One of the more interesting trends these days relates to how “work” is changing. In the old days, the world of work was pretty well fixed. One found a job that started him or her on a career track. And one hoped that with high levels of job performance, the employer would offer the tools to get ahead — including, but not limited to mentoring and training.
Employers still want great workers. But employer needs are changing. They are looking for different things that they used to. More precisely, they are looking for technical knowledge and soft skills. And with a more rapidly changing workplace, employers are less able to guarantee that they can offer you the knowledge and skills that you need to get ahead in your career.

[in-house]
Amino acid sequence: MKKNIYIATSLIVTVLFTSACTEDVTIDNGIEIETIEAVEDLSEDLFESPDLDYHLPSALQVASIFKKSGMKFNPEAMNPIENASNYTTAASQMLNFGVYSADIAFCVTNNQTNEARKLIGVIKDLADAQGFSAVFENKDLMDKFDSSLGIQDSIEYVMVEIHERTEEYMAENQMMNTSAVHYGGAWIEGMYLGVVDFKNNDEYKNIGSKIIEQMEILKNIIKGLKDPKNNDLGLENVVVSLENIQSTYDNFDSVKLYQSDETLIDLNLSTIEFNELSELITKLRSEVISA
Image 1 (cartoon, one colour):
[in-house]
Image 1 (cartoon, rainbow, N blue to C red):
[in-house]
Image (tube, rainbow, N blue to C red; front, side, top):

Here is an example. A statement from the CEO of ProtoLabs on who they want to hire.
(we recognize) how important STEM fields are within manufacturing today, and it’s why Proto Labs actively reaches out to college grads who may not be familiar with the current state of manufacturing — a tech-driven industry that is undergoing a digital renaissance
This is a brave new world. And targeted training will play a greater role to upgrade worker skills sets and knowledge bases for workers to fit in. That may be for entry level technical positions. And it may be for ongoing skills development.
Where will you get this? Good question. Probably not from your school or university. Academics are not that well connected to the above world of work. We are talking about a private intermediary who is networking with employers and offering programming for workers.
I will be searching for the best of these around the globe and bring back reports as I go.